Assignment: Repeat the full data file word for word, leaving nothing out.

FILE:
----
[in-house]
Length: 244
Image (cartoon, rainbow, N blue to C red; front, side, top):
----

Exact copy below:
[in-house]
Length: 244
Image (cartoon, rainbow, N blue to C red; front, side, top):